1) Several frequency combinations are used in the paradigm. Authors show that the latency of response for the early DEV is larger than for the later ones. This is quite reasonable and expected. While the main paradigm used is generally interesting, there is a question whether or not the BOLD response shows genuine expectancy. This issue is that expectance may be generated when authors warn subjects that a DEV will be in 4th, 5th or 6th position. It is unclear whether this BOLD response is something that brain will extract from the history of stimulation. The experimental subjects already know that these DEV will appear, no matter what, on these 3 positions. A missing control is to have a regular sequence with unexpected DEV where the subjects will have no idea of when the dev will appear. Then you can manipulate the appearance of the DEV the way you wish making the DEV to appear regularly or irregularly and see if subject can really extract any abstract rule. One reviewer felt this control required to know if the BOLD response is due to the expectancy, the position of the DEV or any other reason.

2) Another confound is that authors wish to show Stimulus specific adaptation (SSA) in IC and MGB. Subsection “Adjudicating between habituation and predictive coding”. Strictly speaking to show SSA; one should use the classical oddball paradigm and used the flip-flop control to make sure that there is indeed a genuine adaptation that is specific to the stimulus and that the differences is not due of a different sensitivity to the two frequencies uses ad DEV and STD.

3) The choice of contrast to represent adaptation was std0>std2, but why not also std0>std1?

4) In the same vein as above, Deviance detection was defined as dev4>std2, why not also consider dev 4> std1. But also, why focus only on dev4, would it not be more complete to look at all deviants (that is devi>stdj with i=4, 5, and 6; and j=1,2), since they all elicit deviance detection? (Even if dev6 is predictable, it is still deviant).

5) Were the data from the silent gaps analysed? These data are potentially invaluable to disentangle between the 2 models since with gaps we evoke prediction errors but not adaptation.

6) It was unclear how the 3 pure tones were played in the sequence structure. Did they alternate between std and dev? was a Flip-flop design used (where sound A being dev in one sequence is then dev in a different sequence? Why use 3 pure tones instead of 2 (one for dev and one for std).

7) The correlational approach to test of H2) predictive coding seems somewhat suboptimal since it's not really formal model comparison. A regressor for probability in the GLM would make more sense, if the goal is to show that BOLD responses increase a function of probability (as per Figure 1C). Alternatively, even more elegantly, a bayesian approach comparing the 2 models simultaneous using posterior probability mapping (Rosa et al., 2010) would be most appropriate to adjudicate between these alternative models. That approach has the great advantage of formally testing alternative (2 or more) models simultaneously at each and every voxel (while also avoiding the need for multiple comparisons) – hence at the end one has a map of where h1 and h2 are more likely.

8) The approaches above mentioned would also preserve the original 7T superb spatial resolution. It seems from Table 2 that activity from all voxels within MGB and IC were lumped together for the correlations – is this really necessary or even desirable? Given how ubiquitous habituation is in the brain, it is quite likely that it also occurs along this subcortical pathway. And yet, with the approach taken, this is surprisingly completely ruled out. It is possible that by lumping the data together we're losing specificity about voxels within IC/MGB where habituation is more likely than predictive coding, and voxels where the reverse (predictive coding) is more likely? If the latter dominates then by lumping data, we can only see predictive coding likely missing out on evidence for habituation (in at least some voxels).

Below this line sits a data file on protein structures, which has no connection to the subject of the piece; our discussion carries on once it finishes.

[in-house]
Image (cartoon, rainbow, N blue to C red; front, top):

9) If a hierarchy exist as the authors claim, this would ideally be shown by a quantitative analysis of the observed effect between the IC and MGB.

10) Why restrict the analysis to IC and MGB with functional localisers? Would it not be interesting to see if these effects emerge elsewhere in the brain (within the slab imaged – e.g., replicate effects within primary auditory cortex for example)? Also why use functional localisers instead of anatomically defined ROIs?

11) Authors also claim that the response is observed in both lemniscal and non-lemniscal regions of the IC and MGB, however, again I miss a detailed analysis about this issue and how they have separate the lemniscal IC vs non lemniscal IC and similarly about MGB. Authors refer to a previous work, but no details and actual results are provided or evident here. In fact, no data are shown about the IC.

12) Will code and data be made publicly available in keeping with the open science framework?

Exposition

1) Nomenclature. This is not a trivial issue. Authors made an unconventional use of the words habituation, stimulus-specific adaptation, stimulus-specific habituation, etc. and then they speak of neural habituation. These need to be precisely defined and used consistently in the text.

2) The section on “Results cannot be explained by task-engagement” is basically a discussion where authors try to argue if results could be explained by effects of task-engagement. This whole part pertains to the Discussion, which on the other hand is unusually brief and rather speculative and unfocused.

3) The Discussion itself required expansion to more deeply reflect on the implications of this study.

https://doi.org/10.7554/eLife.64501.sa1

Author response